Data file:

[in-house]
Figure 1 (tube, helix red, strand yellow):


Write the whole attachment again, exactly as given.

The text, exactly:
[in-house]
Figure 1 (tube, helix red, strand yellow):